Have you ever experienced collaborative learning that is so powerful that you will never be the same? I’ve experienced many amazing professional learning opportunities over the years, and while I’ve learned something from each of them, only a few of them have both left an imprint on my heart and reshaped my paradigm- the way I see the world and my profession. Last week, I had the honor and privilege of experiencing this type of learning at Education Reimagined’s Pioneer Lab Training. The purpose of the training was to “ignite and unite learner-centered pioneers,” empowering each other to grow the learner-centered movement. During the training, I had the opportunity to create my context for participating. I had the time and space to reflect on, and invent my purpose. There were dozens of powerful activities that I could write about. Experiences from the training that are still on my mind. I believe this was one of the most powerful for me because had the opportunity to reconnect with my mission.
I’ve had many iterations of my mission statement. I first created my mission statement during my experience with Covey’s 7 Habits Signature Training. This was a bold step for me and all of my colleagues- to declare and share our individual purpose. My mission statement is hanging in the hallway outside of my school area. If you were to walk down the hallway at our school, you would see every staff member’s mission statement in some form. I truly believe that every individual at school thought deeply about their mission statement and we continue to reflect on them when we choose to or are given the opportunity to.
When I got home from Pioneer Lab Training, I chose to continue to explore the idea of context, purpose, and my mission, the “why.” I’ve had Simon Sinek, David Mead, and Peter Docker’s “Find Your Why: A Practical Guide for Discovering Purpose for You and Your Team” in my Audible wish list for a while. This seemed like, as one of my closest friends and colleagues often says, my “just in time, at the right time” to begin listening. In the forward, Simon Sinek says this: “Fulfillment is a right and not a privilege. Every single one of us is entitled to feel fulfilled by the work we do. To wake up feeling inspired to go to work, to feel safe when we’re there, and to go home with a sense that we contributed to something larger than ourselves.”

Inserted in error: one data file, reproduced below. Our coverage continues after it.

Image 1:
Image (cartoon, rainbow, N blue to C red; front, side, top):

I’ve been reflecting on how intentional the designers of Pioneer Lab Training were. Not only were we given time, space, and resources to reflect on and create our context, we also spent a great deal of time deepening our understanding of context, paradigms, and purpose. In order to do meaningful, collaborative work, we first needed to understand and connect with our “why” and each other as human beings. While we can choose to do this independently, I wonder what it would look like if organizations spent more time on this. I wonder how learner agency, relevancy, and relationships might be positively impacted if this was deeply embedded into the school environment. Take Sinek’s statements on fulfillment and change the word “work” to “school.” This is how it would read: “Every single one of us is entitled to feel fulfilled by the work we do. To wake up feeling inspired to go to school, to feel safe when we’re there, and to go home with a sense that we contributed to something larger than ourselves.”
Of course, our learners experience purpose, and what I’m dreaming about goes deeper than a purpose statement for each course. I’m dreaming about giving learners the opportunity to create their context for participation. What an amazing opportunity we all have- to create our context! Each day, we can choose our purpose for participating. I’d love to hear what thoughts you might have about creating these opportunities for learners (adults and kids) in our school settings!
Sinek, S., Mead, D., & Docker, P. (2017). Find your why: a practical guide to discovering purpose for you or your team. NY, NY: Portfolio/Penguin, an imprint of Penguin Random House, LLC. Find Your Why @simonsinek @djmead @peterdocker